After 7 days culture, cells were incubated with the following monoclonal antibody combinations: CD4-PE/CD8-APC or CD4-PE/CD27-APC/CD45RA-PECy7 (BD Biosciences, Pont de Claix, France) for 20 min at room temperature. Cells were washed once with PBS and fixed with PBS 0.75% formaldehyde before acquisition on a FACSCalibur instrument (BD Biosciences). Data were analyzed using FlowJo software, and expressed as the percentage of cells that had divided at least once by day 7 of culture.

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CD127 expression

Frozen PBMCs were thawed, resuspended in PBS 0.1% BSA and then stained with the following monoclonal antibody combinations: CD4-PE/CD27-APC/CD45RA-PEcy7/CD127-FITC or CD4-PE/CD27-APC/CD45RA-PEcy7/IGg2a-FITC. After staining, cells were washed once then fixed in PBS 0.75% formaldehyde before analysis on a FACSCalibur instrument (BD Biosciences). Data were analyzed using FlowJo software and expressed as percentage of cells staining positive for CD127. The following monoclonal antibodies (BD Biosciences) were used: anti-CD4-PE (clone SK3), anti-CD45RA-PECy7 (clone L48), anti-CD127-FITC (clone L128) and IgG2a-FITC (clone MOPC-21).

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Two group comparisons (HIV-positive patients versus HIV-negative controls) were carried out using the Wilcoxon Rank Sum test. With paired data, Wilcoxon's Signed Rank test was used. Three group comparisons (HIV-negative controls, HIV-positive CD4HI patients and HIV-positive CD4LO patients) were performed using one-way ANOVA. To compare effects of the four different cytokines in different patients, we used repeated measures ANOVA followed by posthoc tests as indicated on Correlations were calculated using the Spearman correlation test. Calculations were performed using GraphPad software version 5.00 and a difference or a correlation was considered significant when P was less than 0.05. EC50 values were calculated using the NCGC Curve Fit software (

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Effects of IL-2, IL-7, IL-15 and RLI on bulk CD4+ and CD8+ T cells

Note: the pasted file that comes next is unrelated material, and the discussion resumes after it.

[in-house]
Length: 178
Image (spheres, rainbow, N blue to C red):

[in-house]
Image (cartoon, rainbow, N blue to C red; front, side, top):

PBMCs from 15 HIV-positive patients with CD4+ T-cell count more than 500 cells/μl (CD4HI group), seven HIV-positive patients with CD4+ T-cell count less than 200 cells/μl (CD4LO group) and nine HIV-negative controls were labeled with CFSE and then cultured in the presence of IL-2, IL-7, IL-15 or IL-15 agonist, RLI. On day 7, cells were harvested and stained for CD4 and CD8 expression and the percentage of CD4+ and CD8+ cells that had undergone division was determined (Fig. 1a). Compared with culture in the absence of cytokines, IL-2, IL-7, IL-15 and RLI all induced significant proliferation of CD8+ lymphocytes (Fig. 1b), although the response to IL-2 was weaker than that observed with the other cytokines. Significant proliferation of CD4+ lymphocytes was observed only in response to IL-7 (Fig. 1c). For each culture condition, the percentage of proliferating cells was then compared between patient groups. The response to IL-2 did not differ significantly between groups, either in CD4+ or CD8+ lymphocytes. Furthermore, no reduction in the response to IL-7 was detected in HIV-positive patients, including those in the CD4LO group, compared with HIV-negative controls. Proliferation of CD8+ T cells in response to IL-15 or RLI was lower in patients from the CD4LO group compared with the CD4HI group or HIV-negative controls (P < 0.05 by Student's t-test), although this difference was not significant when the three groups were compared by ANOVA.

In a subset of patients (n = 9 CD4HI and n = 4 CD4LO) and controls (n = 7), the effects of different cytokines on the level of apoptosis observed after 3 days of culture were compared (Fig. 2). Spontaneous apoptosis of CD4+ and CD8+ T cells was greater in PBMCs from HIV-positive patients compared with HIV-negative controls (P < 0.005 for CD8+ lymphocytes and P < 0.05 for CD4+ lymphocytes by Student's t-test). All of the cytokines tested reduced the levels of spontaneous apoptosis in CD4+ and CD8+ cells from HIV-positive patients (P < 0.05 by ANOVA), with no significant differences between the four molecules. However, the level of apoptosis observed in CD8+ lymphocytes from HIV-positive patients remained significantly greater than that seen in HIV-negative controls after culture with IL-7 or IL-15 (P < 0.05 by Student's t-test). Although these two cytokines did significantly inhibit apoptosis in CD8+ lymphocytes from HIV-positive patients, this effect was not sufficient to reduce apoptosis to normal levels.

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IL-7rα expression and proliferative response in CD4+ T-cell subsets

We next analyzed expression of the IL-7 receptor α-chain, CD127, and the proliferative response of CD4+ T-cell subsets in HIV-positive patients compared with HIV-negative controls. As shown in Fig. 3a, CD127 expression was reduced in CD45RACD27 CD4+ effector-memory cells from HIV-positive patients, but not in CD45RA+CD27+ CD4+ naive (N) or CD45RACD27+ CD4+ central memory (CM) cells. In the studied patients, CD127 expression on

cells was not related to CD4+ T-cell count (Fig. 3e) or viral load (not shown). However, the percentage of CD127+ cells among


was strongly correlated to the CD4+ T-cell count, patients with low CD4+ counts having reduced CD127 expression in both